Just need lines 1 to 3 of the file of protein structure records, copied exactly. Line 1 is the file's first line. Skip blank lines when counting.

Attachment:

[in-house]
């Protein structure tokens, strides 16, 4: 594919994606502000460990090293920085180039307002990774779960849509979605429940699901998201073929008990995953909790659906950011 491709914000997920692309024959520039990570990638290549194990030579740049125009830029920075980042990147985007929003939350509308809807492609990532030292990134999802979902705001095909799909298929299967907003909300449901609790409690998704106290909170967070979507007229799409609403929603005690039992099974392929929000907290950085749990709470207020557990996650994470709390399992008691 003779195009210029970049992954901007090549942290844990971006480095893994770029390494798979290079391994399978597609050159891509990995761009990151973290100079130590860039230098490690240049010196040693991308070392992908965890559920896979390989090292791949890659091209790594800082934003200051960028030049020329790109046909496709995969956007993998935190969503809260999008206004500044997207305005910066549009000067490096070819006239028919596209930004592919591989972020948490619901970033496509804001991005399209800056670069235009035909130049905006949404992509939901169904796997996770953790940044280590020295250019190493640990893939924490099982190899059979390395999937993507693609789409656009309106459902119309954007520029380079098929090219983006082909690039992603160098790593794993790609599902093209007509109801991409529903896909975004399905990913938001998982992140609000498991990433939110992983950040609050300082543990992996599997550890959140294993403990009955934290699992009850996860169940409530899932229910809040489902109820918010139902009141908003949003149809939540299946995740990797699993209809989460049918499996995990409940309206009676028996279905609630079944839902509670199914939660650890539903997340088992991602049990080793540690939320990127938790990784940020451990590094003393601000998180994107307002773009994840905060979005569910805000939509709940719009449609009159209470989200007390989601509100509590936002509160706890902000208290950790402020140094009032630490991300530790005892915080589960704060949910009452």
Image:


[in-house]
């Protein structure tokens, strides 16, 4: 594919994606502000460990090293920085180039307002990774779960849509979605429940699901998201073929008990995953909790659906950011 491709914000997920692309024959520039990570990638290549194990030579740049125009830029920075980042990147985007929003939350509308809807492609990532030292990134999802979902705001095909799909298929299967907003909300449901609790409690998704106290909170967070979507007229799409609403929603005690039992099974392929929000907290950085749990709470207020557990996650994470709390399992008691 003779195009210029970049992954901007090549942290844990971006480095893994770029390494798979290079391994399978597609050159891509990995761009990151973290100079130590860039230098490690240049010196040693991308070392992908965890559920896979390989090292791949890659091209790594800082934003200051960028030049020329790109046909496709995969956007993998935190969503809260999008206004500044997207305005910066549009000067490096070819006239028919596209930004592919591989972020948490619901970033496509804001991005399209800056670069235009035909130049905006949404992509939901169904796997996770953790940044280590020295250019190493640990893939924490099982190899059979390395999937993507693609789409656009309106459902119309954007520029380079098929090219983006082909690039992603160098790593794993790609599902093209007509109801991409529903896909975004399905990913938001998982992140609000498991990433939110992983950040609050300082543990992996599997550890959140294993403990009955934290699992009850996860169940409530899932229910809040489902109820918010139902009141908003949003149809939540299946995740990797699993209809989460049918499996995990409940309206009676028996279905609630079944839902509670199914939660650890539903997340088992991602049990080793540690939320990127938790990784940020451990590094003393601000998180994107307002773009994840905060979005569910805000939509709940719009449609009159209470989200007390989601509100509590936002509160706890902000208290950790402020140094009032630490991300530790005892915080589960704060949910009452």
Image: